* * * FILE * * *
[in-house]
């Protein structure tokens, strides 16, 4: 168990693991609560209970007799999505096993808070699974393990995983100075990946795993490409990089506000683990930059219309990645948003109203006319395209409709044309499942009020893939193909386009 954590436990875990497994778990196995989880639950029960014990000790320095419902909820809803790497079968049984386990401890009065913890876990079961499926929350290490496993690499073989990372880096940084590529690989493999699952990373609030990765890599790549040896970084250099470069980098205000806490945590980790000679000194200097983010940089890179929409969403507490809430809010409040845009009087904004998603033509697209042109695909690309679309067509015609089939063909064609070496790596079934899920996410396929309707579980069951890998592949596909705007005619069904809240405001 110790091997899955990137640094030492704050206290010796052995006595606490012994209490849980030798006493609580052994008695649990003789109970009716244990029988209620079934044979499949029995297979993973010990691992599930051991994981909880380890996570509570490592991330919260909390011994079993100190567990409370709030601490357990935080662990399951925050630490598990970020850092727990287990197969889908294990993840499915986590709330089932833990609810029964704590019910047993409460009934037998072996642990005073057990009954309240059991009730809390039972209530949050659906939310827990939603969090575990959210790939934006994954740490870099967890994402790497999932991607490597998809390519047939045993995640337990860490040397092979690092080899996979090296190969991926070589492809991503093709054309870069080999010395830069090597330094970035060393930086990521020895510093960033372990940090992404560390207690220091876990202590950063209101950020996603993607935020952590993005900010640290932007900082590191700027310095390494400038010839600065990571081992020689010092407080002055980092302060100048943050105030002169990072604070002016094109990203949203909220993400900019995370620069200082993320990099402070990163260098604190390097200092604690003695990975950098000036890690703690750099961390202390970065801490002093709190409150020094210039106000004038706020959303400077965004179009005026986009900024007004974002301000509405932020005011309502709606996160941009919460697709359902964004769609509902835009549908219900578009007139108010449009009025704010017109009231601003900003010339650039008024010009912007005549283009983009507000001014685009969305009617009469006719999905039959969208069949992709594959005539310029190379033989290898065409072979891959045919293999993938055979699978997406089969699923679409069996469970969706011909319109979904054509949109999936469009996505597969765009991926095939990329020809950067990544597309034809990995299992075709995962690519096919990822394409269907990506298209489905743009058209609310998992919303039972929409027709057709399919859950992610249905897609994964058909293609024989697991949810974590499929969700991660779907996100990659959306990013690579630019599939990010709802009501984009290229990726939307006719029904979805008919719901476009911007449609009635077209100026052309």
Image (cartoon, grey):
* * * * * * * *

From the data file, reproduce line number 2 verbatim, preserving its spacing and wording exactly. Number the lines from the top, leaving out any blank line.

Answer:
């Protein structure tokens, strides 16, 4: 168990693991609560209970007799999505096993808070699974393990995983100075990946795993490409990089506000683990930059219309990645948003109203006319395209409709044309499942009020893939193909386009 954590436990875990497994778990196995989880639950029960014990000790320095419902909820809803790497079968049984386990401890009065913890876990079961499926929350290490496993690499073989990372880096940084590529690989493999699952990373609030990765890599790549040896970084250099470069980098205000806490945590980790000679000194200097983010940089890179929409969403507490809430809010409040845009009087904004998603033509697209042109695909690309679309067509015609089939063909064609070496790596079934899920996410396929309707579980069951890998592949596909705007005619069904809240405001 110790091997899955990137640094030492704050206290010796052995006595606490012994209490849980030798006493609580052994008695649990003789109970009716244990029988209620079934044979499949029995297979993973010990691992599930051991994981909880380890996570509570490592991330919260909390011994079993100190567990409370709030601490357990935080662990399951925050630490598990970020850092727990287990197969889908294990993840499915986590709330089932833990609810029964704590019910047993409460009934037998072996642990005073057990009954309240059991009730809390039972209530949050659906939310827990939603969090575990959210790939934006994954740490870099967890994402790497999932991607490597998809390519047939045993995640337990860490040397092979690092080899996979090296190969991926070589492809991503093709054309870069080999010395830069090597330094970035060393930086990521020895510093960033372990940090992404560390207690220091876990202590950063209101950020996603993607935020952590993005900010640290932007900082590191700027310095390494400038010839600065990571081992020689010092407080002055980092302060100048943050105030002169990072604070002016094109990203949203909220993400900019995370620069200082993320990099402070990163260098604190390097200092604690003695990975950098000036890690703690750099961390202390970065801490002093709190409150020094210039106000004038706020959303400077965004179009005026986009900024007004974002301000509405932020005011309502709606996160941009919460697709359902964004769609509902835009549908219900578009007139108010449009009025704010017109009231601003900003010339650039008024010009912007005549283009983009507000001014685009969305009617009469006719999905039959969208069949992709594959005539310029190379033989290898065409072979891959045919293999993938055979699978997406089969699923679409069996469970969706011909319109979904054509949109999936469009996505597969765009991926095939990329020809950067990544597309034809990995299992075709995962690519096919990822394409269907990506298209489905743009058209609310998992919303039972929409027709057709399919859950992610249905897609994964058909293609024989697991949810974590499929969700991660779907996100990659959306990013690579630019599939990010709802009501984009290229990726939307006719029904979805008919719901476009911007449609009635077209100026052309």